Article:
The origins of Susan Glaspell’s Trifles is a combination of a memory and offhand suggestion that transformed into a life-altering moment in time. Glaspell and a group of other like-minded left wing political activists with an interest in theater were staging plays on their own atop a fishing wharf they had converted into a stage. Upon the realization that they had nothing immediately on hand to stage n as a follow-up to a production of Bound East For Cardiff by the latest addition to the group, Eugene O’Neill, Glaspell’s husband made that offhand remark which casually suggested she try her hand at writing a play of her own. As for the injection of memory into the creative process of inspiration, Glaspell would later recall how the idea for transforming real life into fiction came to her:: “I was sent down-state to do a murder trial, and I never forgot going into the kitchen of a woman locked up in town” Trifles was first performed on August 8, 1916. On March 5, 1917, that play—now rewritten into the form of a short story—was published under the title “A Jury of her Peers” Everyweek magazine.
That image of imprisoned women locked behind bars metamorphosed during the long creative struggle of writing the play into the defining symbol of the short story as well. The dead canary and its now-broken cage are unquestionably intended to symbolize Minnie Foster Wright and the prison which her existence became as the result of marrying unwisely and unwell. That the pretty little caged bird on a date with destiny represents Minnie is made slightly more distinct through Mrs. Hale’s description of the young, yet-to-be-married Mrs. Wright: “She used to wear pretty clothes and be lively, when she was Minnie Foster, one of the town girls singing in the choir. But that—oh, that was thirty years ago.” The establishment of this image drawn made concrete by the observation of Mrs. Hale could not be conceived any more symbolically as its draws a parallel between the familiar images of a vibrant young lady and a brilliantly colored canary happily singing in the trees until it lost its freedom and became nearly mute whilst trapped inside the prison of its small cage. Just in case the symbol remains elusive for anyone, however, Glaspell proceeds to concretize the symbolism beyond ambiguity a short time later when Mrs. Hale recalls that Minnie “was kind of like a bird herself—real sweet and pretty, but kind of timid and—fluttery. How—she—did—change.” It is that last bittersweet addition to the memory that positions the symbolism of the bird up against the symbol of the cage with the broken door.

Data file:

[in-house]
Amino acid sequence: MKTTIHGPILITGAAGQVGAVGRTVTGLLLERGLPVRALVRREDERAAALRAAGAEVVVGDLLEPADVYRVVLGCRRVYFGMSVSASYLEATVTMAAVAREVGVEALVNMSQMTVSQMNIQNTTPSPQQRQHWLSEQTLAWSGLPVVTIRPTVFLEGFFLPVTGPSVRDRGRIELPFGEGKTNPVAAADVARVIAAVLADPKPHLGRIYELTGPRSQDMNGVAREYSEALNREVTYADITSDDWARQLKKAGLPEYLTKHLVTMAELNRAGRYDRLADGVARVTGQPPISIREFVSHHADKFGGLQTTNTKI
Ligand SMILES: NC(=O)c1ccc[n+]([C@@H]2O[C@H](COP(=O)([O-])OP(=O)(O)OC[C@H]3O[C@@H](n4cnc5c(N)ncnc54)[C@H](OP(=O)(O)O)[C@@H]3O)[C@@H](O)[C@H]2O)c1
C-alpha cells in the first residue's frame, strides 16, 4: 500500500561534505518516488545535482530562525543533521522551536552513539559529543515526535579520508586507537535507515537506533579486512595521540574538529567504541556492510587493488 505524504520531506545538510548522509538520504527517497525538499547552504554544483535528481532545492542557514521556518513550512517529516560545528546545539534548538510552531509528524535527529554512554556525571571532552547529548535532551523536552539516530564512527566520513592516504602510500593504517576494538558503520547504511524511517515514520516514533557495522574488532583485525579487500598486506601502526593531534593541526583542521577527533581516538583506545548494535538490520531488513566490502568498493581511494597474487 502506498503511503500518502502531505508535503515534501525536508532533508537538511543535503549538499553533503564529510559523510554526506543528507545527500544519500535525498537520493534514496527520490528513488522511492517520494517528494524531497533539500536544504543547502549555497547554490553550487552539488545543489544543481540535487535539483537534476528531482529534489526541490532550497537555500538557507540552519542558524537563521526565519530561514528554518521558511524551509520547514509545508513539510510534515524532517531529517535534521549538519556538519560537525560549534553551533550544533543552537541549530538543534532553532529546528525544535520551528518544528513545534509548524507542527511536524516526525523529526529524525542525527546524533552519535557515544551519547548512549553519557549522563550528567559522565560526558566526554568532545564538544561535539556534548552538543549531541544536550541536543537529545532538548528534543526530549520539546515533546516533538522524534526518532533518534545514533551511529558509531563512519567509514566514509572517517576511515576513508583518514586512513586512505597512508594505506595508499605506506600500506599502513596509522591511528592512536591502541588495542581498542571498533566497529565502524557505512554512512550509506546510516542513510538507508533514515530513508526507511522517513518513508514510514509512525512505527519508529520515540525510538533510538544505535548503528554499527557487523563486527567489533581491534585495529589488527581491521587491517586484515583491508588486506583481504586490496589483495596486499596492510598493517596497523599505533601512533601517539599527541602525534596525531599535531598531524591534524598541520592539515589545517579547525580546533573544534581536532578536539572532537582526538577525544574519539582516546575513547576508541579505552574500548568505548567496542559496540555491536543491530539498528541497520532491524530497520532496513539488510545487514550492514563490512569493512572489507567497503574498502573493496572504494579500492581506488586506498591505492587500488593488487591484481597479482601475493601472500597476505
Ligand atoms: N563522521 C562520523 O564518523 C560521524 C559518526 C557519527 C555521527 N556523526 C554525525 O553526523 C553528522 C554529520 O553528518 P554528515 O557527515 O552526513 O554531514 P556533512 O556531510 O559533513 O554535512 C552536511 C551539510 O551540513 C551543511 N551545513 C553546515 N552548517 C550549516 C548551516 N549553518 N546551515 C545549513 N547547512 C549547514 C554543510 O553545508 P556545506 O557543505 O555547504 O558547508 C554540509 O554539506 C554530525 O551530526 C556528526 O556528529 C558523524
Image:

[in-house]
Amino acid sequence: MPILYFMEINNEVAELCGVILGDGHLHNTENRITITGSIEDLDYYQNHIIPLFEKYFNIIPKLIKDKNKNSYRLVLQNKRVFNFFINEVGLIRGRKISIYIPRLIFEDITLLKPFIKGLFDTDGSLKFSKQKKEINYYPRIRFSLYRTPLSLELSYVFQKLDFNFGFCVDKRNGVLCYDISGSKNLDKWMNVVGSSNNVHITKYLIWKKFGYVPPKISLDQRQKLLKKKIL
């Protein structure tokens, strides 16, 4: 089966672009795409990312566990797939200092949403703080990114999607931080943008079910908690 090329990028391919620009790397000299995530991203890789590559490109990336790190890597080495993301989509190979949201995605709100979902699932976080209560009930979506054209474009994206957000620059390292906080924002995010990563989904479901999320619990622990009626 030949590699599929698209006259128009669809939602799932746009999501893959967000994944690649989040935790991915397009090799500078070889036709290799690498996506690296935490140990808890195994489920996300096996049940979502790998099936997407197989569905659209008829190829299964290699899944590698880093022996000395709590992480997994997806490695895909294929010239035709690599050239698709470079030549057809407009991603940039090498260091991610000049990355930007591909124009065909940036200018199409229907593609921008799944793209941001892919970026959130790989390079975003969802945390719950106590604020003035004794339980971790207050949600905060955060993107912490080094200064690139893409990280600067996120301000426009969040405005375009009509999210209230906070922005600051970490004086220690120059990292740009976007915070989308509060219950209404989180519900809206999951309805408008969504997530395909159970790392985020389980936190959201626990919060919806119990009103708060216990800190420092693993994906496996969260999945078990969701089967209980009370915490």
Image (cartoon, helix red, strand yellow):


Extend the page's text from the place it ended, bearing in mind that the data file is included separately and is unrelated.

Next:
Some might argue that the most important element of the cage is its representation of the imprisoned existence in which the formerly bright, happy and singing Minnie Foster found herself trapped as a result of her aggressively conservative belief system about the proper place in the world for men and women. Doubtlessly, the importance of the cage as a symbol of the theme of imprisoned women that began with Glaspell’s memory of her newspaper reporter visit to a jail cannot be overstated. Equally important is the fact that the cage is broken, however. Together with the symbolism of Mrs. Wright as the pretty bird trapped in that cage, the image of a broken cage is palpable, but then again it would be equally palpable as a symbol of the end to an unhappy marriage regardless of how the cage was damaged. Which is why as a symbol underlying the specific themes that Glaspell wants to explore, the greatest significance of the broken cage lies in which exact part of the cage suffered the greatest damage. In fact, it simply cannot be overstated that one of the most telling moments from a symbolic and thematic perspective occurs when that cage is examined by Mrs. Peters and Mrs. Hale and we learn that that not only has the door been broken, but it appears to have suffered significant damage as if brute force resulting from a profound emotional reaction was applied purposely to throw open the door for the sake of escape.
The real life explanation for such rough damage to the cage’s door, of course, is the result of Mr. Wright’s irrational anger and violent character. On a symbolic level, however, the fact that the door of the cage appears to have been through a particularly rough struggle during Wright’s eagerness to wring the bird’s neck can be read as Glaspell’s understanding that women in such positions of obedience to authority during that era could only escape their imprisonment by meeting violence with violence. If the age represents the imprisonment of Mrs. Wright in her marriage, therefore, the damaged door seems very much a symbol of the struggle that is always the path that liberation must take.